Following the government's tightening of prices for essential industrial and consumer products, inflation is expected to remain stable in the coming months, an expert at Standard Chartered say.
"Inflation in the immediate future should remain under control, especially if global food and energy prices do not surge significantly," Tai Hui, Southeast Asia Regional Head of Research under Standard Chartered Bank, said in a statement. "However, we do not believe price controls will be effective in the event of a sustained surge in input prices."
Vietnam's latest economic data for August shows a continuation of the trend during the first half of 2010. Inflation is expected to remain relatively calm at 8.2 percent year-to-year, or 0.2 percent from month-to-month.
Meanwhile, the trade balance is expected to maintain an even keel. "We expect Vietnam's trade deficit to persist in the medium term, further devaluation of the dong is on the cards for 2010 and 2011," Tai Hui said.
On August 18, the State Bank of Vietnam devalued the dong by revising the US dollar-dong reference from 18,932 from 18,544. The bank maintained the daily trading band of 3 percent on either side of that rate.
The trade deficit has hung around $1 billion per month for much of 2010, he said. He attributes the even keel to strong export growth and cooling import growth.
Meanwhile, disbursed foreign direct investment, aids and remittance flows have been recovering steadily. Hence, the overall depreciation pressure on the dong ought to be lower than in previous years when inflows were waning on the back of the 2008 global financial crisis, Tai Hui said. Firm domestic demand is absorbing imports, he added.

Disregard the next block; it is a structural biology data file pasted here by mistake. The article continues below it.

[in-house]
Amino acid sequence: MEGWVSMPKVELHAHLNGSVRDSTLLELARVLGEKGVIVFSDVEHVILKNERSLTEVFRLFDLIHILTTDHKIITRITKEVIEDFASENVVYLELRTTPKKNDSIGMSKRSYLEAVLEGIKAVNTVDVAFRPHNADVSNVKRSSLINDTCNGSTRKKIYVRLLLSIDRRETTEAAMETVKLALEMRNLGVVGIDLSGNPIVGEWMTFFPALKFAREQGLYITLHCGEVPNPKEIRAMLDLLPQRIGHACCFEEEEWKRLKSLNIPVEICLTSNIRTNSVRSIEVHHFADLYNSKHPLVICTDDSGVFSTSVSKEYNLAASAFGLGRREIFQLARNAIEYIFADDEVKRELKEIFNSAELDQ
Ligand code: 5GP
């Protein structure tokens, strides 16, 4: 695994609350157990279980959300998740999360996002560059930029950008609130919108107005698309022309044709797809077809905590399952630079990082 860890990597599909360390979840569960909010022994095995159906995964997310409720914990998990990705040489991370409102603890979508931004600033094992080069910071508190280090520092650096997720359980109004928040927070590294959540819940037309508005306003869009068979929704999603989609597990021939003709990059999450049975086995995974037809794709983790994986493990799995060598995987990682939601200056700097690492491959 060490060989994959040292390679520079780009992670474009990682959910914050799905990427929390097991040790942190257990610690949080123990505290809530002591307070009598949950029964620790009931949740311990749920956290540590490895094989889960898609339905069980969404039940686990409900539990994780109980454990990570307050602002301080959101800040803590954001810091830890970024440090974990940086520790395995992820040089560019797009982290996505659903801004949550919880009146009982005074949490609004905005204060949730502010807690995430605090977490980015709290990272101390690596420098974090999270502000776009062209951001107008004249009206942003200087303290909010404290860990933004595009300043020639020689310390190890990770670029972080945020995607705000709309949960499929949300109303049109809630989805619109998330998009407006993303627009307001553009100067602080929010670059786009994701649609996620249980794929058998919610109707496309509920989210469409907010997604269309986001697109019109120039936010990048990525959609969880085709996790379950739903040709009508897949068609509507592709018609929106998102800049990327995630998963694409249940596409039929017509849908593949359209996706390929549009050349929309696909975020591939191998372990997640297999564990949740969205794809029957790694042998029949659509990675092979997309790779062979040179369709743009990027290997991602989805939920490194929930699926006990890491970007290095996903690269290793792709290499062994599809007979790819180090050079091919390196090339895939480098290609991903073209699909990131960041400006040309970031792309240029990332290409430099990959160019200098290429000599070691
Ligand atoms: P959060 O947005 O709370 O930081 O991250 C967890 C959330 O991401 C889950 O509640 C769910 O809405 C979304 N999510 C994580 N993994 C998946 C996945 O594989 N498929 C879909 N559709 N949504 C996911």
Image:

Given the Vietnamese authorities' growth bias, Hui believes that further devaluations are likely in order to support exporters. "The timing of further moves will be politically driven," he said. "But we believe that a rise in commodity prices, which will in turn drive inflation and the trade deficit higher, could be a trigger."
Sharp rises in gold prices and the dollar could also prompt dong depreciation to intensify. "In line with these predictions, we have adjusted our dollar-dong forecasts without altering our overall profile," he said. "We now predict that the dollar-dong ratio will hit 19,500 at end of the third quarter; and 19,900 at the end of the fourth quarter."
Another important implication of the dong devaluation is that the authorities will not be able to push interest rates lower, despite stable inflation. The government has, for some months, been trying to persuade commercial banks to reduce lending rates in order to promote lending and facilitate growth, Tai Hui said.